The opinion of the court was delivered by: Moran, District Judge.
This is an action by trustees of various teamster pension
funds against First American Bank of Virginia, Moorefield
Enterprises, DeLuca Enterprises and several individuals
arising out of plaintiffs' purchase of a participation
interest in a loan extended by the bank to Moorefield
Enterprises. The eight-count complaint alleges claims based
upon the federal securities laws, 15 U.S.C. § 78j(b); 15 U.S.C. § 77q(a);
upon ERISA, 29 U.S.C. § 1109; and upon state law
contract and tort theories. The defendants have most recently
filed a motion to dismiss the amended federal law claims for
lack of subject matter jurisdiction and for improper venue.
Prior motions to dismiss the state law claims for lack of
personal jurisdiction and venue are also pending.
During May, 1974 defendant Moorefield entered into a Credit
Agreement with the Arlington Trust Bank (now First American
Bank of Virginia) wherein the bank agreed to loan $18,000,000
to Moorefield to acquire and develop land for commercial and
residential use. Each party's performance under the Credit
Agreement was expressly conditioned upon participation by the
trustees of the teamster pension fund. The trustees agreed to
loan 90 percent of the total loan proceeds ($16,200,000) with
the bank offering 10 percent. The trustees and bank signed a
loan participation agreement which was approved and became
legally effective on May 29, 1974.
To secure the sums advanced under the Credit Agreement,
Moorefield gave the bank an $18,000,000 note on May 31, 1974.
The terms of the note specified that the loan would mature and
be payable no later than three years from its date of
issuance. The interest on the loan was set at 3 1/2 percent in
excess of the prime rate charged by the Chase Manhattan Bank
and the note was secured by a properly recorded Deed of Trust
on 95 acres of land in Virginia.
The loan participation agreement between the bank and
trustees specified that the plaintiffs agreed to purchase 90
percent of each advance from the bank to Moorefield. In turn,
the bank held an interest in the Credit Agreement, Note and
Deed of Trust for the plaintiffs. The plaintiffs' written
consent was required before the bank could either modify,
terminate or take any other action with regard to the loan.
The bank was obligated to notify the plaintiffs of matters
which affected their interests in the transaction as well as
to "endeavor to use the same care that it would exercise in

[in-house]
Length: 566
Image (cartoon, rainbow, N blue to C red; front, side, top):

the making and handling of loans for its own account."
The parties in the action include the plaintiffs who entered
into the participation agreement with the defendant bank. The
bank, in turn, entered into the Credit Agreement with
defendant Moorefield Enterprises, a Virginia limited
partnership. DeLuca Enterprises is a general partner of
Moorefield and Marc E. Bettius is a limited partner of
Moorefield. John F. DeLuca is President of DeLuca Enterprises
and DeLuca Construction Corporation. Marilyn M. DeLuca is
Secretary of DeLuca Enterprises. Donald McDonald is Assistant
Secretary of DeLuca Enterprises. The bank is represented by
one set of counsel; all of the "other defendants", with the
exception of Marilyn M. DeLuca, are represented by another.
All of the counts of the complaint arise from the same set
of operative facts. Plaintiffs essentially allege that more
money was borrowed than was needed for the legitimate expenses
of land acquisition and development resulting in substantial
diversion of sums for purposes unrelated to the development
project. Counts I and II allege that the bank either
negligently or in breach of the participation agreement made
extra disbursements, failed to make an independent
determination of the value of the land, failed to provide
plaintiffs with information including Moorefield's certified
financial statements, failed to notify plaintiffs of the
borrowers' default and failed to insure that Moorefield
complied with conditions imposed by the bank.
The amended complaint sets forth four additional claims.
Counts V and VI allege all defendants violated the federal
securities laws by making material misrepresentations of fact.
Count VII alleges that the bank breached fiduciary
responsibilities toward the plaintiff within the coverage of
ERISA. Finally, Count VIII is a diversity claim brought only
against some of the "other defendants" alleging that they
interfered with the contract between Moorefield Enterprises
and the bank.
The defendants raise a jurisdictional issue regarding
plaintiffs' securities claims. They argue that neither the
loan participation agreement or the underlying note are
securities within the meaning of the federal securities laws
and the court thus lacks subject matter jurisdiction to
consider them. This court agrees.
The starting point in determining whether an instrument is
a security is the specific language of the statute.
International Brotherhood of Teamsters v. Daniel, 439 U.S. 551,
99 S.Ct. 790, 58 L.Ed.2d 808 (1979). Section 3(a)(10) of the
1934 Securities Act, 15 U.S.C. § 78c(a)(10)*fn1 provides: